A scientific investigation into potential groundwater movements under the Waimakariri River predicts a long-term increase in the level of nitrate.
News & events
Talking about tuna, learning about local water management and enjoying a delicious hāngī were part of a spring day out for Omarama School students.
Environment Canterbury has welcomed the announcement that a waterway in the Hurunui-Waiau zone has won the 2017 Cawthron Foundation supreme award for the most improved river in New Zealand.
South Canterbury farm business people produce food that is consumed across the world and none of this would be possible without water from the Opihi River.
Some of the world’s rarest birds, like the wrybill, live and breed along the Ashley-Rakahuri River.
Report a sighting via the Wallaby geomap. This handy tool enables members of the public to report sightings of wallabies (dead or alive) while out in the bush.
Environment Canterbury reminds recreational river users to be vigilant while they are out enjoying the rivers over the spring and summer months.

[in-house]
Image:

Access to a recreation area along the Opihi River, near Waipopo, is open again after the completion of Environment Canterbury river erosion control works.
Diamond Harbour ferry passengers will continue to be able to jump straight on to a bus after arriving in Lyttelton.
Karl Russell has gathered food from the Opihi River for as long as he remembers and he knows the importance of protecting our rivers for future generations.
A cultural land management advisor has been appointed to help farmers near Te Waihora understand and comply with new rules designed to protect mahinga kai.
Long before the Waimakariri River became a source of food for Māori, a water supply for farmers and a recreational hotspot for the half-million people living on its borders, it was quite literally a world…